Stitch and Bear

A long-running Irish blog with reviews of the best restaurants in Dublin and throughout Ireland. Some wine and cocktails thrown in for good measure!

Sunday, October 16, 2011

Food waste in our kitchens - Blog Action Day 2011

How much unused food do you throw away? Are you one of the households where 50% of salad leaves get thrown out as green sludge? According to the website, about 1/3 of the food we purchase ends up in the bin, costing the average household up to €1,000 per annum. The most common foodstuffs which find themselves in the bin are bread, apples and potatoes.

Food waste isn't limited to just households. Think of all those useless side salads on your plate in restaurants that you don't eat - the total effect of uneaten food in Irish restaurants comes to a stunning €125 million

I am proud to take part in Blog Action Day Oct 16, 2011

October 16th is World Food Day, an event used to mark the foundation of the  Food & Agriculture Organisation of the United Nations in 1945. October 16th is also Blog Action Day, an annual event whereby the global blogging community unites to focus on a particular topic of immediate concern. As a result, the selected topic for Blog Action Day 2011 is "Food" and registered participants are free to write on any relevant area.

As a poor Ph.D. student, I learned the hard way not to over-purchase when food shopping. It's all too easy when out in the supermarket or that lovely farmers' market to end up with trollies or baskets full of produce. Everything looks so good in the shop, but later on in the week when throwing food in the bin, you can feel the pennies slipping through your fingers.

Simple tips to help you avoid over-purchasing include the following:
  • Plan your meals in advance and purchase what you need. Granted, this requires some discipline.
  • Don't shop when hungry. This is common sense really, after all "Is maith an t-anlann an t-ocras"
  • Don't get suckered by multi-purchase deals (i.e. 2 for 1) deals that you don't really need. This also extends to multipacks. Do you really need a bag of 10 apples or will 4 loose apples suit your needs better?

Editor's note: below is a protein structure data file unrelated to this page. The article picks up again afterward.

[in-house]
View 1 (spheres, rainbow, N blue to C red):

• Check best-before or use-by dates before placing the goods in the trolley. Supermarkets rotate stock on their shelves so that older produce is typically located towards the front. This gives you less time to use the product. Instead, look on the shelves for a further in the future date.
For more savvy tips and advice on fighting against food waste, visit Stop Food Waste. By taking some simple actions, you can keep more money in your pocket as well as reducing the amount of waste being generated for your rubbish collection. 


WiseMóna said...

The statistics are staggering. €125 million? I agree ( being a poor student too) that planning is key to less waste. Well having four kids helps too, considering they are all growing little savages. I would hope that with all this recession talk that most people would be doing a savvier weekly shop and wasting less. Great to see your post. Now off to see if any of the other Irish Food Bloggers took part.

Karen O'Connell said...

Great post Joanne! All those 'deals' in supermarkets are more about reducing their own waste bills than passing on value to the consumer I think.

Stef said...

There's also a major problem with best before/use by dates that are more to do with covering the supermarkets arse than being informative. I'll often eat food past its use by date given that it doesn't smell gone off or look like it's about to turn but I know so many people who won't even open the packet to see if food is alright before throwing it out if it's even a day over the date.

dudara said...

Great point there Stef - it's important to be aware of the difference between a Use-by date and a Best Before date.

Food is usually still quite edible after the Best Before date i.e. biscuits.

In the case of Use-by dates i.e. with meat and milk, I use my common sense. A good sniff and a good glance will usually let you know what state the food is in.

Stef said...

Yep, I'm exactly the same, there's good reasons why evolution has given us a sense of smell and detecting food that could be dangerous is one of the main ones!

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